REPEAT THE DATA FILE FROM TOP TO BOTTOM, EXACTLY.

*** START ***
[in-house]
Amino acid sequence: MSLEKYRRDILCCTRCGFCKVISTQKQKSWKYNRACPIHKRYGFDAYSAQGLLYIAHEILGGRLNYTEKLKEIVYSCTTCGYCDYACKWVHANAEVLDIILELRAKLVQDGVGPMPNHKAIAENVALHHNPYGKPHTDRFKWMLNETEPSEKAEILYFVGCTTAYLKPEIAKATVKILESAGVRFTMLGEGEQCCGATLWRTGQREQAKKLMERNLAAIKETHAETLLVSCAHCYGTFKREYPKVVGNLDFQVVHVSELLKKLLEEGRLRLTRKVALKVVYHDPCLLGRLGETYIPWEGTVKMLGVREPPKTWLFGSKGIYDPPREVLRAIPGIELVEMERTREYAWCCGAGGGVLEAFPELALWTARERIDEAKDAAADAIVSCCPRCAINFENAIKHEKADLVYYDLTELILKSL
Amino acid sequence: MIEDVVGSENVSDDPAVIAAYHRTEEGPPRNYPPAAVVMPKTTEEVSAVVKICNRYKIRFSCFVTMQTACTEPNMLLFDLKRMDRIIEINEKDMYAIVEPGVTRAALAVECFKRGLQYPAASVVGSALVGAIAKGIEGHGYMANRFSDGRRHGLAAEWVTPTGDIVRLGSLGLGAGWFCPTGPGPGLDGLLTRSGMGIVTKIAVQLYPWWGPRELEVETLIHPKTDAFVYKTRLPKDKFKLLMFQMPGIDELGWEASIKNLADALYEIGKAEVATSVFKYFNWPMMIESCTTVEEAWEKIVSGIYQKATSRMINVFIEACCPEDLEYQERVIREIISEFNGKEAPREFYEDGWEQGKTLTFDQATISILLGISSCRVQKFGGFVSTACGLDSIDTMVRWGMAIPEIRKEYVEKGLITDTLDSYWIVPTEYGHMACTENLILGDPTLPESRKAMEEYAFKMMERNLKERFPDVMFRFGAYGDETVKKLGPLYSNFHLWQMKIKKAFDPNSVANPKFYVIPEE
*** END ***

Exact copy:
[in-house]
Amino acid sequence: MSLEKYRRDILCCTRCGFCKVISTQKQKSWKYNRACPIHKRYGFDAYSAQGLLYIAHEILGGRLNYTEKLKEIVYSCTTCGYCDYACKWVHANAEVLDIILELRAKLVQDGVGPMPNHKAIAENVALHHNPYGKPHTDRFKWMLNETEPSEKAEILYFVGCTTAYLKPEIAKATVKILESAGVRFTMLGEGEQCCGATLWRTGQREQAKKLMERNLAAIKETHAETLLVSCAHCYGTFKREYPKVVGNLDFQVVHVSELLKKLLEEGRLRLTRKVALKVVYHDPCLLGRLGETYIPWEGTVKMLGVREPPKTWLFGSKGIYDPPREVLRAIPGIELVEMERTREYAWCCGAGGGVLEAFPELALWTARERIDEAKDAAADAIVSCCPRCAINFENAIKHEKADLVYYDLTELILKSL
Amino acid sequence: MIEDVVGSENVSDDPAVIAAYHRTEEGPPRNYPPAAVVMPKTTEEVSAVVKICNRYKIRFSCFVTMQTACTEPNMLLFDLKRMDRIIEINEKDMYAIVEPGVTRAALAVECFKRGLQYPAASVVGSALVGAIAKGIEGHGYMANRFSDGRRHGLAAEWVTPTGDIVRLGSLGLGAGWFCPTGPGPGLDGLLTRSGMGIVTKIAVQLYPWWGPRELEVETLIHPKTDAFVYKTRLPKDKFKLLMFQMPGIDELGWEASIKNLADALYEIGKAEVATSVFKYFNWPMMIESCTTVEEAWEKIVSGIYQKATSRMINVFIEACCPEDLEYQERVIREIISEFNGKEAPREFYEDGWEQGKTLTFDQATISILLGISSCRVQKFGGFVSTACGLDSIDTMVRWGMAIPEIRKEYVEKGLITDTLDSYWIVPTEYGHMACTENLILGDPTLPESRKAMEEYAFKMMERNLKERFPDVMFRFGAYGDETVKKLGPLYSNFHLWQMKIKKAFDPNSVANPKFYVIPEE